Dr. Syama Prasad Mookerjee Research Foundation

The Doklam issue

By Claude Arpi

Soon after independence, when the question arose whether or not to defend a weaker neighbor, India decided to not intervene …for the sake of ‘world peace’.

Between 1947 to 1950, a British ICS officer, Hugh Richardson was Indian Mission-in-Charge in Lhasa; on June 15, 1949, in a communication addressed to the Ministry of External Affairs in Delhi, he suggested that India might consider occupying Chumbi Valley up to Phari ‘in an extreme emergency.’ The Chumbi Valley is the highly strategic ‘finger’ sandwiched between Bhutan and Sikkim.

Sixteen months later, Chinese troops invaded Eastern Tibet and Harishwar Dayal, who had replaced another Britisher as the Political Officer in Sikkim, made again the same suggestion: “[Richardson’s] suggestion was NOT favoured by Government of India at the time. It was however proposed as a purely defensive measure and with NO aggressive intention. An attack on Sikkim or Bhutan would call for defensive military operations by the Government of India,” he wrote to the Prime Minister.

The proposal was again rejected by the Indian Government, though many in India thought that, for its own security sake, the government should have been more proactive to support Tibet.

On June 16, 2017, when Chinese troops tried to build a road on a stretch of Bhutanese territory at the southern tip of the same Chumbi Valley, India did what it had not done in 1950, it came to the rescue of a friendly neighbor; this time it was Bhutan.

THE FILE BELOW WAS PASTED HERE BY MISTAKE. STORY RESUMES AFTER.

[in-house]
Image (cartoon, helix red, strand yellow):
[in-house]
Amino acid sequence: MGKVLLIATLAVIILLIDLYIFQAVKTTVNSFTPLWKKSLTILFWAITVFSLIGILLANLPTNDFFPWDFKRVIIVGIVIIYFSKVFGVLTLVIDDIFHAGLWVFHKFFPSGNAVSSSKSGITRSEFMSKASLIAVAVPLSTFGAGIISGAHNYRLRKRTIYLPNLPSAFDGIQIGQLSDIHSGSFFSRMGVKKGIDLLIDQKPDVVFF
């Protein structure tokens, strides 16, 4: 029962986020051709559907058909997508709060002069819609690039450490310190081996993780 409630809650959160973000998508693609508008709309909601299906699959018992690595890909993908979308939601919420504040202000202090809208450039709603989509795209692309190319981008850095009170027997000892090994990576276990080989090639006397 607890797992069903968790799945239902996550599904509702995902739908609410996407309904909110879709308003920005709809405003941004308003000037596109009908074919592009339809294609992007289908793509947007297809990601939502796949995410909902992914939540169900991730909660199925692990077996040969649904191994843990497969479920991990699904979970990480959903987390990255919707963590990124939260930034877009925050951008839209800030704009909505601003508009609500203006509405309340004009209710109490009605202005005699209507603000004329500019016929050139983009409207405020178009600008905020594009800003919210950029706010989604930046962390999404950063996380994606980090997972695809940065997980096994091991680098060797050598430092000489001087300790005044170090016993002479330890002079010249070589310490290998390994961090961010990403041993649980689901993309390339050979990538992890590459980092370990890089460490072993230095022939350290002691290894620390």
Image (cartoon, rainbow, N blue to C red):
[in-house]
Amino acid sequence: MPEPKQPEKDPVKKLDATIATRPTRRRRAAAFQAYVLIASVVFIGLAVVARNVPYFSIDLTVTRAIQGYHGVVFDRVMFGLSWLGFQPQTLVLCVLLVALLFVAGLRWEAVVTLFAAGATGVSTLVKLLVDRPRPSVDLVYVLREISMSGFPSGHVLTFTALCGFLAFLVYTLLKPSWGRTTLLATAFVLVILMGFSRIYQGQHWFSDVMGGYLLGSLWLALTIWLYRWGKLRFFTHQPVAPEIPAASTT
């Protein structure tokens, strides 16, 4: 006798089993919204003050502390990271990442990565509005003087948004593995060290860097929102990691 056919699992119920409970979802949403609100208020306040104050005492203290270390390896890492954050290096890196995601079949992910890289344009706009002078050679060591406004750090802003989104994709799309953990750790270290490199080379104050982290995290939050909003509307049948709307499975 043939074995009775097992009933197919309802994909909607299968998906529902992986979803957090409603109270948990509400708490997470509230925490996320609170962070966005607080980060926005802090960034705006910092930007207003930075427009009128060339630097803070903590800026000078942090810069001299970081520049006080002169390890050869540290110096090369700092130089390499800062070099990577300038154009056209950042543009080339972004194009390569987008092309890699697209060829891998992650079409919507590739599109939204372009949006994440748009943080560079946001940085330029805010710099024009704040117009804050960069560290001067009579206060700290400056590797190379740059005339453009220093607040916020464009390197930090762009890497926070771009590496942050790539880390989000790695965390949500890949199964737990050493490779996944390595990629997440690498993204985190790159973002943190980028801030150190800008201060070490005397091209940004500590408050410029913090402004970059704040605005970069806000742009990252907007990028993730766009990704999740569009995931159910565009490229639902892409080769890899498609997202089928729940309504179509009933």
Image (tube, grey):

China’s sharp reaction to India’s move is probably due to Beijing’s surprise; it did not expect Delhi to militarily defend Thimphu. It is also true that the trijunction is a strategic hotspot for Delhi, and by occupying it, the Chinese would have a ‘view’ not only on the Chumbi Valley but also on the Siliguri corridor, which is strategically crucial for India in case of a military conflict. Having been caught on the wrong foot, Beijing decided to go full-swing for propaganda and psychological warfare.

China’s legal position invalid

Beijing’s position is based on the 1890 Convention between the British and the Manchus, which was never recognized by the Tibetans and the Bhutanese as they had not been consulted by the ‘Great Imperial Powers’. Tsepon WD Shakabpa, the Tibetan historian explained: “The British were aware that China exercised no real power in Tibet at that time.” The need to bring the Tibetans onboard eventually resulted in the Younghusband’s military expedition in 1904 and ten years later, the Tripartite Simla Conference.